In 1970 Dylan was awarded an honorary Doctorate of Music from Princeton University. Dylan became very uncomfortable at the event, especially when he was asked to wear a cap and gown. Adding a dramatic biblical flourish, the Princeton campus was in the throes of a locust infestation that day, something the occurs every 17 years.
The song title is a reference to the 1939 novel by American author Nathanel West (1903-40), The Day of the Locust. West had worked for a time in Hollywood as a scriptwriter and the book explores the seamy underside of the American movie industry. The novel's title is thought to be a biblical allusion to certain passages in the Old Testament such as in the Book of Joel 2: 25, "I will restore to you the years that the locust hath eaten."
This has nothing to do with Dylan's song but here's a bit of trivia connected with West's novel. One of the book's characters, the hopelessly clumsy "everyman," is named Homer Simpson. Although it has been suggested that The Simpsons creator Matt Groening called his famous thick-headed, beer-swilling cartoon creation after the character of the same name in The Day of the Locust, he actually named him after his own father.
Honorary degrees are given by academic institutions to honor famous or accomplished people, and generally have nothing to do with the institution itself. They are at best a PR ploy and at worst a farce - something Dylan points out in this song.
As to why Dylan accepted the degree, Tim Riley, in his book Hard Rain: A Dylan Commentary, asserts that Dylan only went through with it so he could write a song about it snubbing academia.
Richard G. Biever from Indianapolis, InThis is a great song. The line about the "head exploding" took on new meaning for me after reading Dylan's autobiography. I think it refers to the Princeton official who introduced Dylan with the cliche "spokesman of a generation" type stuff that Dylan was desperately trying to shed at that point, talked about in his autobiography. I think it means he was talking nonsense in Dylan's eyes and hoped the "pieces wouldn't fall on" him, referring to reigniting all the popular media's references to Dylan as this voice of the generation.
Tahoe from Zephyr Cove, NvYou guys have some of it right -- but Tim Riley certainly does not !! A classmate and friend of mine was actually the host for Dylan on that day. David Crosby came to Princeton with Dylan. Dylan felt like backing out of the speech (he had just turned 30, and it was he who said 'do not trust anyone over 30 ). Crosby reminded Dylan that the reason he had decided to attend was that he could tell his mom that he finally got a degree. My friend who was their host played in a band with me, and was also a DJ at the campus radio station, which is how he came to be asked to write Dylan's manager and ask him to be the commencement speaker. Dylan did NOT do it just to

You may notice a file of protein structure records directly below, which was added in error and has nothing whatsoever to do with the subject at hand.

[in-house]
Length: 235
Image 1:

Frank from Princeton, NjThe eastern half of the United States is home to a unique set of species, called periodical cicadas, whose members spend 13 or 17 years underground before suddenly emerging into a frenzied and noisy adulthood....During Brood X's 1970 emergence, Bob Dylan visited Princeton University in New Jersey, part of X's vast patch, to collect an honorary degree. Musical lore says he wasn't impressed with the university or the degree. But he added to the immortality of cicadas with a song he wrote about the occasion, "Day of the Locusts." This is the correct interpretation, though the specific topics he covers in the song can be whatever he wanted. I live in Princeton, and the roar of these creatures is deafening, all day, all night. The above quote is from the Washington Post, By Cameron W. Barr Washington Post Staff Writer Sunday, March 28, 2004; Page A01
Scott from Ipswich, MaWhen Dylan wants to snub someone or something, he does so a lot more pointedly. See Masters of War, Positively Fourth Street, etc.
Micah from Mansfield, IlIn Dylan's book, Chronicles, he describes this event with great detail. He describes his awkward feelings about having all of the people in the crowd stare at him, and then goes on to tell of how his friend who went along with him, David Crosby, called all of the people attending the event, a bunch of "d*ckheads".
Tony from Liverpool, EnglandThe title is also a reference to the Nathanel West novel 'Day of The Locust', one of the first novels about the sleaze and cruelty of Hollywood (strangely enough, one of the main character's name is Homer Simpson. ?!?)
Fergal from Dublin, IrelandThe line "the man sitting next to me, his head was exploding" refers to one of Dylan's friends who smoked a little bit too much on the trip up with Bobby and wife Sara. Brilliant!!!
Barry from New York, NyRecorded in August 1970 for the final NEW MORNING sessions.
Jacob from Brooklyn, NyYeah, the story goes that this was the last time (before last spring) when the Cicadas came out for their cyclical appearance. I was at Princeton last spring about this time when the Cicadas came out, and it's quite a scene- you can hear a constant droning buzz in the background, and the Cicadas are all over the place in the thousands.
Baba from New York, NyThere was a story in the New York Times about Dylan being plauged by an actual storm of locusts while receiving this award and thus the song...did anyone else see this or know about it?